Asked to explain how these women were paid, Ms Wang said that on entering the parlour the customer ‘bought’ the time he wanted to spend – this varied between €20 and €60 an hour and the amount was split between the boss and the ‘masseur’ who pocketed 25 per cent of the earnings. On top of this, the woman received tips that were agreed upon directly with the customer and varied according to the ‘services’ provided.
Ms Wang said some of the women lived in the parlour itself, rather than sharing an apartment with other women.
“This means they save money and work even longer hours,” she said.
Most parlours, she added, were equipped with CCTV and the money was collected on a regular basis. Ms Wang mentioned an incident where a hold-up took place but this was never reported so as to avoid drawing the police’s attention to the illicit activities.
Asked if the women took any precautions to protect against sexually transmitted diseases, Ms Wang said: “Condoms are rarely used to avoid leaving any traces in case of a police search… Plus many customers don’t want to use it. In cases where it was used, customers were asked to take the condom with them.”
She said no medical check-ups are carried out on these women, adding that they did not seem remotely concerned about contracting STDs. Moreover, some took tablets to suppress menstruation to enable them to work uninterrupted.
Apart from working in massage parlours, some women were “self-employed” and operated from private apartments and garages using small adverts with telephone numbers.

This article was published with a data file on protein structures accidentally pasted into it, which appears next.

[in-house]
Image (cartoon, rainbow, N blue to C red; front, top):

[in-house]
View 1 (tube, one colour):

Unless these women were sent away by their bosses or caught by local authorities and deported, they normally worked at a parlour for about five years.
The bosses, Ms Wang claimed, had good contacts with the authorities and she alleged there were instances where ‘massage therapists’ were exposed so that their ‘employer’ would not have to pay them.
“Most of the bosses are Chinese.
“There are also Maltese bosses and these are better as they do not force a woman to carry out sex work she does not want,” she said.
* Name has been changed
39 permits for therapists granted this year
Thirty-nine new work permits for massage therapists have been issued by the Maltese authorities so far this year – 27 were granted to Chinese women, five to Thai women, two to Indonesians, two to Serbs, and one permit to an Azeri, a Turk and an Ukrainian.
These figures do not include 24 work permits that have been renewed, leading to a total of 63 employment licences for female massage therapists between January and October 2015. Just three new work permits were issued to men to perform ‘massage therapy’; these were granted to two Indians and a Chinese national.
In the past 10 years 508 employment licences were issued to female massage therapists. Chinese top the list (233), followed by Thai (148) and Serb (29).
The scenario is different when it comes to men – 62 work permits were issued during the same period. The top three nationalities were Indian (26), Thai (nine) and Chinese (eight).